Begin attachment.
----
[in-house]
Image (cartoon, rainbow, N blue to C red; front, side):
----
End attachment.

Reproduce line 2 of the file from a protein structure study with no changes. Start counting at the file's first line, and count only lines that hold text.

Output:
Image (cartoon, rainbow, N blue to C red; front, side):